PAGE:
The Human Rights Review Tribunal (HRRT) has again demonstrated that it takes intentional breaches of privacy seriously by awarding a record $120,000 in compensation for emotional harm following Colin Craig’s publication of personal matters protected by a confidentiality agreement.
Mr Craig accepted that he had breached the confidentiality obligations numerous times. The HRRT characterised those breaches as “deliberate, systematic, egregious and repeated”. Mr Craig acknowledged that he had made a calculated decision to breach the confidentiality obligations. The HRRT concluded that Mr Craig was motivated to protect his reputation, his position and himself. While revenge was not a motive, that “is of little consequence” in this case where the breaches occurred “in the most public and damaging of circumstances”.
The HRRT referred to Hammond v Credit Union Baywide (see our note on Hammond here) and affirmed that the conduct of a defendant may exacerbate (or, as the case may be, mitigate) the humiliation, loss of dignity or injury to feelings and therefore be a relevant factor in the assessment of the quantum of damages awarded for humiliation, loss of dignity or injury to feelings.
The HRRT concluded that there was a clear causal link between the humiliation, loss of dignity or injury to feelings suffered and Mr Craig’s conduct because, despite the presence of some leaked information on the Whale Oil blog, Mr Craig’s press conferences “took the story national" and “took it from gossip on a blog ... to a story that was on the evening news”. Mr Craig accepted that he “pour[ed] petrol on the flames and he did so repeatedly”.
The HRRT adopted the Hammond approach of three bands for less serious, more serious, and the most serious cases. The HRRT considered that this case fell squarely within the “most serious” band, with a “starting” tariff of $50,000.
Hammond, decided 12 months previously, was considered at the time to be the high-water mark of damages for emotional harm. However, in this case, the damages award for emotional harm is approximately 20% higher than the award made in Hammond.
The most egregious features of the case, which distinguished it from Hammond, and which justified a higher award, were:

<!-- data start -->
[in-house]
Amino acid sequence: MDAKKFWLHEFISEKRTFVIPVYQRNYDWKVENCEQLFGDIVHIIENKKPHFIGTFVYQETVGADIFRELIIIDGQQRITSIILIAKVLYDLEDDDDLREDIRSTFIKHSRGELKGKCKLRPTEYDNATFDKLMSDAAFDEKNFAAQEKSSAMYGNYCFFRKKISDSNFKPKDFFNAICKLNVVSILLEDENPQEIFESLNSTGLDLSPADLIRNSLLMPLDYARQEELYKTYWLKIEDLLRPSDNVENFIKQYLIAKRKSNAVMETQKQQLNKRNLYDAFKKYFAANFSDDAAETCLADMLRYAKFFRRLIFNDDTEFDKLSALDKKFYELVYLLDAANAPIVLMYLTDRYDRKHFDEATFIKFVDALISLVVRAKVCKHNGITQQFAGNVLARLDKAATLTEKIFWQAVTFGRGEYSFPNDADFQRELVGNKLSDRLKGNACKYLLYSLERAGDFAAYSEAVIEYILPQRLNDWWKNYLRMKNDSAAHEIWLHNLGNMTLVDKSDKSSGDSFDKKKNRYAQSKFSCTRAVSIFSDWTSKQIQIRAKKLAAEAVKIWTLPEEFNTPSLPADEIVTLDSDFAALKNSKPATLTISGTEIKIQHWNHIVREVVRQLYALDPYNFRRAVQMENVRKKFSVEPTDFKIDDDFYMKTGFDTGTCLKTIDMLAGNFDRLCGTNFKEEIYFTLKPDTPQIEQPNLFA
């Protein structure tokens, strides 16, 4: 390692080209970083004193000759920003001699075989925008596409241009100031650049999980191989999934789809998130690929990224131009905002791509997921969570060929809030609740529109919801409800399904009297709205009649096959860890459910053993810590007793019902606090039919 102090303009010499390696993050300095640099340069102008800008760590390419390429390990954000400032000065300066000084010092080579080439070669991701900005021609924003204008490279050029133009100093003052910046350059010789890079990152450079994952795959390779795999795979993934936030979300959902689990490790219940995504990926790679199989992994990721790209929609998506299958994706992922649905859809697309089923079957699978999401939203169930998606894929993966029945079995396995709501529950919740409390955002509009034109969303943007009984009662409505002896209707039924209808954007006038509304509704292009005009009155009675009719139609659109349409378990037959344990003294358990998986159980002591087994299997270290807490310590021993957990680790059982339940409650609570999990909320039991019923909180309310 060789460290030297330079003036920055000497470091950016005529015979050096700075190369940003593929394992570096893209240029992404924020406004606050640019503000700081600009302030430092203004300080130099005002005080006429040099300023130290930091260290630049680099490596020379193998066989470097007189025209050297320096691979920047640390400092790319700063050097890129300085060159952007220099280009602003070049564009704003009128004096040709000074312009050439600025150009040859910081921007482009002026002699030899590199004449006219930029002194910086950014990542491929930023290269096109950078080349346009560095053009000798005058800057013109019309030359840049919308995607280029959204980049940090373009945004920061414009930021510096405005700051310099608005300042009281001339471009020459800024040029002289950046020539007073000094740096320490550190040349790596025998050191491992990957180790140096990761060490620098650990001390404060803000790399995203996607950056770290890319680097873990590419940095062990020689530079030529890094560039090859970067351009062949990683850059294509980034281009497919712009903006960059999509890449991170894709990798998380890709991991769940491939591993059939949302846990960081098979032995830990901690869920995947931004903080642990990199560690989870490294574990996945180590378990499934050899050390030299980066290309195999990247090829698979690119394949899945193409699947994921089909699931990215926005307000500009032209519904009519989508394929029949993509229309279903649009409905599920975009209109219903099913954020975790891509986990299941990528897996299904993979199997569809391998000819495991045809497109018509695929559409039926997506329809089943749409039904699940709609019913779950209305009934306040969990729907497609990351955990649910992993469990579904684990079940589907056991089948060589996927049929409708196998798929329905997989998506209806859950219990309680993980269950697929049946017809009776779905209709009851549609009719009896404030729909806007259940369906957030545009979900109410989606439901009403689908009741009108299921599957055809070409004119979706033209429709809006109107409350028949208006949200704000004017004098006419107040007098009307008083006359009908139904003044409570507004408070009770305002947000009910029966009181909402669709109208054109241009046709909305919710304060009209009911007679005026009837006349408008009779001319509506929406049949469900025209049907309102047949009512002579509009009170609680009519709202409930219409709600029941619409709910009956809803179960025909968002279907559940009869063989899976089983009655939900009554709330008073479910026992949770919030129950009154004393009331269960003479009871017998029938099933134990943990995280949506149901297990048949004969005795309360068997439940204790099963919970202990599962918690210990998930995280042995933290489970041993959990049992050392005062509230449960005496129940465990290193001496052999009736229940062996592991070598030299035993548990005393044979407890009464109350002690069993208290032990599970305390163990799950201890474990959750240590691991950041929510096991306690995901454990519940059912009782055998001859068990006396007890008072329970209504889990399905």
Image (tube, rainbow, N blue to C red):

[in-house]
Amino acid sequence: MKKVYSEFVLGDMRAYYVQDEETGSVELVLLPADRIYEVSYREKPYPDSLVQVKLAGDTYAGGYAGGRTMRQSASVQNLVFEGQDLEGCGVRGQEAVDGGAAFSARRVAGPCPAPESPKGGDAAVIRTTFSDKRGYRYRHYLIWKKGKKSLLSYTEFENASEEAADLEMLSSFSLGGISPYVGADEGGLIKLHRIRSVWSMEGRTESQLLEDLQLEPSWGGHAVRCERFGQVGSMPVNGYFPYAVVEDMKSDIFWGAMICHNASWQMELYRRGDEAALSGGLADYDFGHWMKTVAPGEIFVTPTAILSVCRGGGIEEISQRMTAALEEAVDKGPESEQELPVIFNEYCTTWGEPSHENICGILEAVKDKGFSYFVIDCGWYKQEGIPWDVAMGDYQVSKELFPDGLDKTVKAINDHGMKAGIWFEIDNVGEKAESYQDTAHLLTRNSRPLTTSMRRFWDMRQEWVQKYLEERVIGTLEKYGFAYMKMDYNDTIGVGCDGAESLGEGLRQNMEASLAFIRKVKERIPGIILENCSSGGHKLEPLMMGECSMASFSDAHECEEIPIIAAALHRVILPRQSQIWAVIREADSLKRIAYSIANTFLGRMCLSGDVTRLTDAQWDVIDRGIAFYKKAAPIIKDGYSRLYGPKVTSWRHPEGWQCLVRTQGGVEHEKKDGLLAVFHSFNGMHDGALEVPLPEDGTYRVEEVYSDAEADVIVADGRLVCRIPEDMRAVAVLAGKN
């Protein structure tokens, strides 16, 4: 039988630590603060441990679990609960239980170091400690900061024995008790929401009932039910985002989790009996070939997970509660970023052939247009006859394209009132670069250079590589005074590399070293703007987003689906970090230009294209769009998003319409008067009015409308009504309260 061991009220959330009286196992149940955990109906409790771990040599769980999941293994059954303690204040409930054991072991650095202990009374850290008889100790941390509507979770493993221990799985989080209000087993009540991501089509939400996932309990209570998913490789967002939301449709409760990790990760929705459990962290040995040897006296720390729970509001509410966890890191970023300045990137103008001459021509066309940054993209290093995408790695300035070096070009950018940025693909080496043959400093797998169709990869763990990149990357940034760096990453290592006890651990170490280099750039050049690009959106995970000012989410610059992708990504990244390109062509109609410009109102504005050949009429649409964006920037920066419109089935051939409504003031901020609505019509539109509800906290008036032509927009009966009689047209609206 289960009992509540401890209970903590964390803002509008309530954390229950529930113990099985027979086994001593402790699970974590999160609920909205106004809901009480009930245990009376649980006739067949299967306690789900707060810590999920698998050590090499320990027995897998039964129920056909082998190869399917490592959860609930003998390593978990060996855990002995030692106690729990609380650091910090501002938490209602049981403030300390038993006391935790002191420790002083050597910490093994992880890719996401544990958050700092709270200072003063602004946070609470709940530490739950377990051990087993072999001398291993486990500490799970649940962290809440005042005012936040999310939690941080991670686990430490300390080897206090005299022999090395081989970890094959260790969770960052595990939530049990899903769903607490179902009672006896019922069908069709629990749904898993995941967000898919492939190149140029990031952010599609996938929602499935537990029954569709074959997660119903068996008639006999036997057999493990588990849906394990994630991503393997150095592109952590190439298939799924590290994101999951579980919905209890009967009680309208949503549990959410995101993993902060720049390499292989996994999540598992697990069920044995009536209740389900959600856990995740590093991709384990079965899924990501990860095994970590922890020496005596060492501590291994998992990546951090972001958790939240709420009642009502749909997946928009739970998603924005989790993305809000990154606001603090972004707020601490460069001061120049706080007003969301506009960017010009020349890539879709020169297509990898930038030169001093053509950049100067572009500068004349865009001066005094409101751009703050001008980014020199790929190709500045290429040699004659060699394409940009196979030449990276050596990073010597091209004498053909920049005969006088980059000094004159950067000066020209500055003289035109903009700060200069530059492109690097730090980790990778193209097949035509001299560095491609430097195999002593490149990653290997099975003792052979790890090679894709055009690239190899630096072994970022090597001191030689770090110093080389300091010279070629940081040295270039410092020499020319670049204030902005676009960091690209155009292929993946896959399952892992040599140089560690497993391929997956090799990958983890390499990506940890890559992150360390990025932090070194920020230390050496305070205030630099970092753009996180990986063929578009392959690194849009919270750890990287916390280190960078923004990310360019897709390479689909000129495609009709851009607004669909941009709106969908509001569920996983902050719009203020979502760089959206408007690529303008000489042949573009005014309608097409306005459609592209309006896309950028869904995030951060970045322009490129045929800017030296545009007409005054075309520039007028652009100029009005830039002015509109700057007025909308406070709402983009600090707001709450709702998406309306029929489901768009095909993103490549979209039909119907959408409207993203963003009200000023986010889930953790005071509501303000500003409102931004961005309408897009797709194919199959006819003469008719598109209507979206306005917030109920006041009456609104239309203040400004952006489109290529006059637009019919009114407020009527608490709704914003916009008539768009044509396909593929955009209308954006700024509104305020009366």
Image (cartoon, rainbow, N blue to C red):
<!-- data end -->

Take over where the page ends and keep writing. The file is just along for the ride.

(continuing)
- The relentless nature of the exposure of Ms MacGregor to nationwide adverse media attention.
- The stigmatisation of Ms MacGregor as a consequence of her sexual harassment claim.
- The fact that Ms MacGregor sought to avoid exactly those consequences by using the confidentiality protections available through mediation under the Human Rights Act.
The HRRT has taken a strong stance against deliberate breaches of privacy both in Hammond and in this case. These decisions demonstrate that the HRRT can provide meaningful remedies to claimants who have had their privacy breached.
In this case, the HRRT noted additionally that breaches that undermine the statutory protection provided under the Human Rights Act are particularly reprehensible, because the stripping away of that protection is likely to have a significant impact on victims.
Decisions involving significant negative media attention have more frequently been the subject of privacy claims overseas than in New Zealand. However, this decision serves as a timely reminder that the HRRT is able to provide valuable remedies to people whose personal information becomes part of the national news cycle against their will.
The decision is available here.
This publication is intended only to provide a summary of the subject covered. It does not purport to be comprehensive or to provide legal advice. No person should act in reliance on any statement contained in this publication without first obtaining specific professional advice.